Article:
In addition to the boat basics and more advanced options that many regular boaters have, these items are for the boater that likes to have it all or frequently uses their boat for specific purposes. Many of these electronics are for boaters that find themselves away from the inland coast a good portion of the time as well.
- Satellite Phone–Don’t worry about signal reliability with a sat phone. Call, text, send and receive emails, check the weather, surf the internet, and more. A sat phone is a good investment for those that spend a lot of time on the water but want to stay connected.
- SSB Radio–This type of radio is similar to the VHF, but it has an ocean-sized range. A medium frequency SSB radio has a range of around 400 nautical miles, while a high frequency will reach out for several thousand miles.
- Infrared Camera & Night Vision– Infrared cameras provide thermal imaging that can be integrated into MFD screens. Night vision vison allows you to see obstacles in low light conditions for those late nights or early morning out on the water.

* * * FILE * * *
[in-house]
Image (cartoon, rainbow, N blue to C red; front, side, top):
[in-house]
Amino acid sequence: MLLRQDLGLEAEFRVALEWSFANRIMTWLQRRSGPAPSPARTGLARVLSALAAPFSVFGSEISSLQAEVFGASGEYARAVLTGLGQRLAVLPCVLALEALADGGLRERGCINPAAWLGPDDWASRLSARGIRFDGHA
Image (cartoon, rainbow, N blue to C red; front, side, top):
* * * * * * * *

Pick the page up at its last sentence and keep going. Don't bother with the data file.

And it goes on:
- Satellite Weather– Don’t leave it up to the weather channel. Get real-time Doppler radar weather, right on your chart plotter screen. Stay aware of incoming storms or changing weather conditions.
- Entertainment Center–For the large cruiser or water sports enthusiast, media and entertainment are a must. From an integrated radio for music and great speakers to satellite TV, a DVD player and more, there are endless options to keep everyone onboard entertained.
- Cartography–Whether inland for popular lakes or for general coastline, there are plenty of cartography chip options to make your navigation flawless. Choose from popular maps and imaging and stay aware of changing water features.
- Cell Amplifier–For those that aren’t ready to take the plunge and invest in a satellite phone, a cell amplifier can extend the working range of your phone out 30-50 miles from the nearest tower. It makes a great addition for shorter trips close to the coast.
- Gyroscopic Binoculars–Minimize image shaking and view far off vessel names, overhead birds, incoming lights, numbers on buoys, and more. 7x50s or seven times the magnification with a 50-mm objective lens is the standard for boating binoculars.